What Hi Fi Sound and Vision Mon, 8 Jun 2009, 2:00pm

Samsung LE37B650

Tested at £880
80100
4

The Samsung mixes style and substance to good effect, but others are better all-rounders

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For

  • Overflowing with connections and useful features
  • produces deep, dark blacks
  • great depth and detail to the picture with DVDs and Blu-ray discs

Against

  • Not the greatest Freeview picture
  • sounds poor

If you want a TV that looks to the future and offers most of it today, the Samsung LE37B650 is it.

Styling is top notch too, with Samsung's trademark Crystal TV design and Platinum Black finish taking centre stage.

There are four HDMI inputs to fill, 100Hz picture processing to investigate, and DLNA compatibility for streaming content to the TV from compatible products.

All this is even before we touch on Samsung's Medi@ 2.0 content service. Similar to Panasonic's Viera Cast, Medi@ 2.0 gives you access to multimedia widgets from Yahoo, YouTube and other online sources.

Blu-ray images are in keeping with this TV's luxurious look. Black levels are arguably the best around.

Uniform backlight impresses
Part of the TVs success in this area is down to the uniformity of – and lack of intrusion from – the TV's backlight which is a key point to consider.     

In Valkyrie, as Tom Cruise makes his way to the Wolf's Lair, the glossy black paint job of his chauffeur-driven car looks fantastic, and the sense of three-dimensionality is almost startling.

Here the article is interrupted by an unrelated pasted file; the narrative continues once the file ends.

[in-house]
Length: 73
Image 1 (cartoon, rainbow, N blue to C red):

Detail levels with both Blu-ray and DVD are consistently strong and amongst the best in its class.

Skipping to standard definition material doesn't leave any feeling that you're being shortchanged.

The Curious Case Of Benjamin Button still maintains a cohesive appearance married to sharp edge definition.

Colours do err on the rich side, but stop short of appearing overcooked. Movement is handled well, which should be expected, given that the TV gives you the option of trying out umpteen different motion-processing modes.

Sound lets the side down
Freeview performance is a slightly different story. On-screen noise is more prevalent and these digital artifacts spoil the overall clarity and stability of image.

The picture is still good by LCD standards, but there are other TVs that handle off-air performance with greater confidence.

However, the biggest letdown of the Samsung has to be its sound quality, which is thin and insubstantial, even by flatscreen TV standards.

These misgivings take the gloss – and a star  – off what's otherwise a slick, future-proof TV, but this Samsung remains a key contender if you use a separate sound system.

 

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